“That seems like a tall order,” she wrote in an analyst note this week. Executives think they can achieve between 65 and 75 million subscribers by 2024.
The announcement also spells a pivot from a historical approach by ViacomCBS to produce content for the highest bidder and not necessarily try to distribute material itself. That tension was sometimes in evidence Wednesday, as executives noted shows it had made for other services, such as the Netflix hits “13 Reasons Why” and “Emily In Paris.”
The company must navigate other potential conflicts. It must square Paramount Plus, a paid service, with Pluto TV, a free ad-driven library service it bought two years ago; with CBS affiliates, which could worry about ratings declines with the digital transition; and with Showtime, its existing premium service. On Thursday the company announced it would move one of the most anticipated Showtime series, the video game adaptation “Halo,” to Paramount Plus, while leaving others shows there.
ViacomCBS chief executive Bob Bakish said those other shows were “a little less mass-market” and emphasized support for the network as a stand-alone entity. At rival Warner Media, the question of whether shows go to HBO Max has flummoxed some agents and creators.
All Access has built a certain amount of buzz thanks to originals in its “Star Trek” line and separate series such as “The Good Wife” spinoff “The Good Fight.” ViacomCBS holds an advantage with the service, which it launched in 2014, earlier than many of its traditional competitors, initiating original programming four years ago — a lifetime in the streaming wars. (The company’s then-leader Leslie Moonves moved forward with it in part because he had opted not to join most other media companies in the Hulu venture nearly a decade earlier.)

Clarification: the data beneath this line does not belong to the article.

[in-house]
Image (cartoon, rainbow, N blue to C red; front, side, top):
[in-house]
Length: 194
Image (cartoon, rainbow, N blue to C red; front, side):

The effect is a time-bending one: CBS was early because it was late.
Now, in a sense, it is late again. Paramount Plus primarily will compete with NBC Universal’s Peacock and Warner Media’s HBO Max, which launched eight and 10 months earlier, respectively. So to gain new subscribers, Paramount Plus must either persuade customers to add to their growing pile of streaming bills or attract people as yet unmoved by the other services.
ViacomCBS can rely on subscribers it has at CBS All Access and a separate subscription at its Showtime division — it currently counts about 19 million combined subscribers, executives said Thursday.
Netflix and Disney Plus dominate at the top with nearly 300 million subscribers between them and are seen, at this moment, as untouchable.
Hulu has racked up 39.4 million people, boosted by “bundled” subscriptions with Disney Plus. Peacock counts 33 million subscribers inclusive of all services, including its free option. HBO Max has had only 17 million people sign up, but with its $15 monthly fee for its (ad-free) service, takes in more revenue per subscriber.
Many consumers have felt weary by what can seem like an onslaught of services laying claim to the extra bill they have waiting on their desks every month.
But the companies argue that their deep libraries and raft of expensive originals make their services a bargain for consumers.
In fact, most services are currently running at a loss and do not expect profitability anytime soon. ViacomCBS is actually charging $1 less per month for Paramount Plus’s basic service than All Access, despite the clearly higher investment.